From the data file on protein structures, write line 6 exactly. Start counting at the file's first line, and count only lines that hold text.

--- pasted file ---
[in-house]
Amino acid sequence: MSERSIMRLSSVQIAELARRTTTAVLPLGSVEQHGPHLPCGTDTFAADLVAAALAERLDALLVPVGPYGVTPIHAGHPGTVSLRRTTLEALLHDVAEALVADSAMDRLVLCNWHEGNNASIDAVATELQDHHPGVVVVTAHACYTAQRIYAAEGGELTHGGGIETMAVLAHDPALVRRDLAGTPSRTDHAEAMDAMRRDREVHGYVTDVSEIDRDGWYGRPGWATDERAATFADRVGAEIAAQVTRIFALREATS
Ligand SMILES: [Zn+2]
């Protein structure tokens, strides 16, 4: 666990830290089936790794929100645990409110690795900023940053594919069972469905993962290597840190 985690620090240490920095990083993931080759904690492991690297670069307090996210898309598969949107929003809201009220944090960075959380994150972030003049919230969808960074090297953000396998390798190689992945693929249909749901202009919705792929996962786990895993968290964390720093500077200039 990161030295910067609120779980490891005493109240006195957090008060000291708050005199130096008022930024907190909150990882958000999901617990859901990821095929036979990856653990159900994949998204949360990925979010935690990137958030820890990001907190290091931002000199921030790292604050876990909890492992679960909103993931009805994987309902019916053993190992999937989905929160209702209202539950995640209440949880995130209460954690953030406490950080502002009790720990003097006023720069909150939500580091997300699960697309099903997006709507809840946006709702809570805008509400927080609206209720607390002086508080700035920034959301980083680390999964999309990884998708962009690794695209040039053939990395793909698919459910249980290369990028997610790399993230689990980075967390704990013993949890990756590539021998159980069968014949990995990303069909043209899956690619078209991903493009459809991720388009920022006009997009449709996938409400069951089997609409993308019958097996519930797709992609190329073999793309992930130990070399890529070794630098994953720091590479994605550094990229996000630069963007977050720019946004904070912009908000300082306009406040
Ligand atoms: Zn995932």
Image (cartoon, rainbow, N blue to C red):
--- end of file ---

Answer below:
Image (cartoon, rainbow, N blue to C red):